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The Effort to Restore Tropical Forests Gets a Massive Cutting Edge

Fast-growing liana vines climb up and choke back new tree growth. (Paul Godard via Flickr)

By Richard Sadler

Research by scientists from the UK and Tanzania has revealed that assisted ecological restoration can lead to dramatic increases in growth of new and established trees—helping to mitigate climate change and boost biodiversity.

All that is required, they say, is effective control of lianas, the fast-growing, woody climbing vines that, left to their own devices, quickly take over forest in which most or all of the merchantable timber has been cut, and crowd out emerging tree seedlings.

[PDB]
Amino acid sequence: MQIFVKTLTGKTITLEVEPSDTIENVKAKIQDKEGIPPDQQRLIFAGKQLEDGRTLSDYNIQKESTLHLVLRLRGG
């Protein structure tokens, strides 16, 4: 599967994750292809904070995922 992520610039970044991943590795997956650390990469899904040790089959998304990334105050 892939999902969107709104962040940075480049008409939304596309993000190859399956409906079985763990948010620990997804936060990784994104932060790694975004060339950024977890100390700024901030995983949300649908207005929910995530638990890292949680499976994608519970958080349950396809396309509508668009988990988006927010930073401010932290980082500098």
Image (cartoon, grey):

Trials carried out over five years in Tanzania’s Magombera forest—one of the world’s most threatened habitats—compared tree growth on plots where lianas were left undisturbed with those where they were cut back twice a year.

The results are remarkable, with a 765% increase in net biomass gain on plots where lianas were managed. Crucially, the trials suggest this can be achieved without affecting species diversity.

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Tuesday, August 2, 2016